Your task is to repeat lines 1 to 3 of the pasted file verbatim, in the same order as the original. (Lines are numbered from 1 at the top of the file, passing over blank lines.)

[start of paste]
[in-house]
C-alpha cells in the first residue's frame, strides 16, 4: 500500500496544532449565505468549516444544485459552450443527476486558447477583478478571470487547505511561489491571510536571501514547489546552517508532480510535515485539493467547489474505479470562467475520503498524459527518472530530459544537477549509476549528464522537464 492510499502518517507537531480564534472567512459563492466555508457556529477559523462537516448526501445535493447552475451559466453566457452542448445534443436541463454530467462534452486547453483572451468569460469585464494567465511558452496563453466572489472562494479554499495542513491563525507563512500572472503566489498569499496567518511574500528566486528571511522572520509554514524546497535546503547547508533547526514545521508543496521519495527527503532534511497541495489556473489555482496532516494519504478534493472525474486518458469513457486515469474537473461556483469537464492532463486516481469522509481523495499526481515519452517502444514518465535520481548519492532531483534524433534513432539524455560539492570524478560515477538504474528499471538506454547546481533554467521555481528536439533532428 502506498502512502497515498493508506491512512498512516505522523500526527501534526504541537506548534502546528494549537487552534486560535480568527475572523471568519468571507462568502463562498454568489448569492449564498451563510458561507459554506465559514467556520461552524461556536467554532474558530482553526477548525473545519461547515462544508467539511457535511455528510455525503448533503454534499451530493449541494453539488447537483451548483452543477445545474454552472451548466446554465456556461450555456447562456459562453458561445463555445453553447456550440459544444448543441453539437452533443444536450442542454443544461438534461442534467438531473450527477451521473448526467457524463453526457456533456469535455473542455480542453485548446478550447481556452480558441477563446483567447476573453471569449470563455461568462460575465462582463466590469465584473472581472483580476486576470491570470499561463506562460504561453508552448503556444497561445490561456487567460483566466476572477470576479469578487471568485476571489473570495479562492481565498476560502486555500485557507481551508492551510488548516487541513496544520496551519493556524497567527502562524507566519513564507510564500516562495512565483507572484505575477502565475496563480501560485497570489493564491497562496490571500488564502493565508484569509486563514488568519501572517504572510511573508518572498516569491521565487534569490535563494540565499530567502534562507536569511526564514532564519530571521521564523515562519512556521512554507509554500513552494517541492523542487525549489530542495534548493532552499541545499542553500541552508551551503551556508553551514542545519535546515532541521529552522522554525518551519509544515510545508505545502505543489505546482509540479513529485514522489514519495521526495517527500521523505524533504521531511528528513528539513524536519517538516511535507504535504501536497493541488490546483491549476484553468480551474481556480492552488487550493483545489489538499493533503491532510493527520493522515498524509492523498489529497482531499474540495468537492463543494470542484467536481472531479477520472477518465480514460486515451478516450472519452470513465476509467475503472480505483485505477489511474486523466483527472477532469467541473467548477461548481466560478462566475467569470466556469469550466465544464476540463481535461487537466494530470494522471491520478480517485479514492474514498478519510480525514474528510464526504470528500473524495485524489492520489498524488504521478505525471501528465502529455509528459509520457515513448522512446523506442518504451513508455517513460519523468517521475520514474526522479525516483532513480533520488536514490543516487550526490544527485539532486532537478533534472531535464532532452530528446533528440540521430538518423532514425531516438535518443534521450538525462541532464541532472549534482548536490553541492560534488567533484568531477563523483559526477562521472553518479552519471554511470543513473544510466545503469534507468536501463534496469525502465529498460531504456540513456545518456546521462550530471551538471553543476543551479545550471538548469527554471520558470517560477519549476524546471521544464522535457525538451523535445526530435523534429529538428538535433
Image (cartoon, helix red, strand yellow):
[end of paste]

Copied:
[in-house]
C-alpha cells in the first residue's frame, strides 16, 4: 500500500496544532449565505468549516444544485459552450443527476486558447477583478478571470487547505511561489491571510536571501514547489546552517508532480510535515485539493467547489474505479470562467475520503498524459527518472530530459544537477549509476549528464522537464 492510499502518517507537531480564534472567512459563492466555508457556529477559523462537516448526501445535493447552475451559466453566457452542448445534443436541463454530467462534452486547453483572451468569460469585464494567465511558452496563453466572489472562494479554499495542513491563525507563512500572472503566489498569499496567518511574500528566486528571511522572520509554514524546497535546503547547508533547526514545521508543496521519495527527503532534511497541495489556473489555482496532516494519504478534493472525474486518458469513457486515469474537473461556483469537464492532463486516481469522509481523495499526481515519452517502444514518465535520481548519492532531483534524433534513432539524455560539492570524478560515477538504474528499471538506454547546481533554467521555481528536439533532428 502506498502512502497515498493508506491512512498512516505522523500526527501534526504541537506548534502546528494549537487552534486560535480568527475572523471568519468571507462568502463562498454568489448569492449564498451563510458561507459554506465559514467556520461552524461556536467554532474558530482553526477548525473545519461547515462544508467539511457535511455528510455525503448533503454534499451530493449541494453539488447537483451548483452543477445545474454552472451548466446554465456556461450555456447562456459562453458561445463555445453553447456550440459544444448543441453539437452533443444536450442542454443544461438534461442534467438531473450527477451521473448526467457524463453526457456533456469535455473542455480542453485548446478550447481556452480558441477563446483567447476573453471569449470563455461568462460575465462582463466590469465584473472581472483580476486576470491570470499561463506562460504561453508552448503556444497561445490561456487567460483566466476572477470576479469578487471568485476571489473570495479562492481565498476560502486555500485557507481551508492551510488548516487541513496544520496551519493556524497567527502562524507566519513564507510564500516562495512565483507572484505575477502565475496563480501560485497570489493564491497562496490571500488564502493565508484569509486563514488568519501572517504572510511573508518572498516569491521565487534569490535563494540565499530567502534562507536569511526564514532564519530571521521564523515562519512556521512554507509554500513552494517541492523542487525549489530542495534548493532552499541545499542553500541552508551551503551556508553551514542545519535546515532541521529552522522554525518551519509544515510545508505545502505543489505546482509540479513529485514522489514519495521526495517527500521523505524533504521531511528528513528539513524536519517538516511535507504535504501536497493541488490546483491549476484553468480551474481556480492552488487550493483545489489538499493533503491532510493527520493522515498524509492523498489529497482531499474540495468537492463543494470542484467536481472531479477520472477518465480514460486515451478516450472519452470513465476509467475503472480505483485505477489511474486523466483527472477532469467541473467548477461548481466560478462566475467569470466556469469550466465544464476540463481535461487537466494530470494522471491520478480517485479514492474514498478519510480525514474528510464526504470528500473524495485524489492520489498524488504521478505525471501528465502529455509528459509520457515513448522512446523506442518504451513508455517513460519523468517521475520514474526522479525516483532513480533520488536514490543516487550526490544527485539532486532537478533534472531535464532532452530528446533528440540521430538518423532514425531516438535518443534521450538525462541532464541532472549534482548536490553541492560534488567533484568531477563523483559526477562521472553518479552519471554511470543513473544510466545503469534507468536501463534496469525502465529498460531504456540513456545518456546521462550530471551538471553543476543551479545550471538548469527554471520558470517560477519549476524546471521544464522535457525538451523535445526530435523534429529538428538535433
Image (cartoon, helix red, strand yellow):